By: John Green & David Levithan
Reported by: Julianna Helms
One cold night, in a most unlikely corner of Chicago, two teens—both named Will Grayson—are about to cross paths. As their worlds collide and intertwine, the Will Graysons find their lives going in new and unexpected directions, building toward romantic turns-of-heart and the epic production of history’s most fabulous high school musical.
Hilarious, poignant, and deeply insightful, John Green and David Levithan’s collaborative novel is brimming with a double helping of the heart and humor that have won both of them legions of faithful fans.
-Summary from Goodreads || Purchase: Mrs. Nelson's
"Hey, I just met you, and this is crazy,but here's my number, so call me maybe?"
I thought so. Now, before you go all Avatar State on me, let me just say that I brought that Call Me Maybe back for a legitimately good reason. It's this book's freaking theme song.
So I read Will Grayson X 2 (as will I later refer to is as, due to my teenage laziness. Actually, I'm going to call it WGx2. Ooo it looks so pretty as a mathematical equation). Anyways: the point is, I didn't just meet this book, but this is still crazy, because I really want to give the Wills my number, so they can call me maybe-
OKAY FINE I'll stop now with the song.
But you guys, this book. I'm sorry, I was joking all this time because I just don't know what to say. It's so... unflinchingly loud. Not loud like a scream, but loud like war pipes. Bagpipes that are warm and familiar that screech something thunderous inside your heart and burst into little staccatos of halted heartbeats. That's what this book is. Completely unaware of personal bubbles and slashing them apart with knives made of jokes.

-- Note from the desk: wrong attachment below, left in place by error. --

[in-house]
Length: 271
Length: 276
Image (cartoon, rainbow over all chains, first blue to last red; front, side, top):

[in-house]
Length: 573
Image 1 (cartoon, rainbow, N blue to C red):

This book is... a lot like me. Man, how dare I, compare myself to this masterpiece. But you know, it's very hilariously stoic in its exterior and so colorfully confused on the inside. I like that. And I'd like to think that it resonates with me, and with everyone else, too, because no one with a thread of a fine mind can pass up the recognition that despite the fact that one of the Wills was gay, despite the fact that this situation seems unlikely (I didn't think so. I had the exact same name as someone in my school. And our personalities are so similar it's eerie), there is something in it so real and fierce it's like a blizzard whipping against your face. You want to ignore it, but you can't, and the more you try to back away, the quicker it streams. WGx2 made me want to tumble into an abyss and just curl up into myself for a while, because it was so brilliant and so bright and the world was so shabby and savage and inside the book there was something more than words, there was an entire universe dappling the sky like invisible threads of personalities waiting to plummet upon us in pillars of stars.
The book is majestic in its own grotesquely grandiose way, and I think that's what I loved the most about it.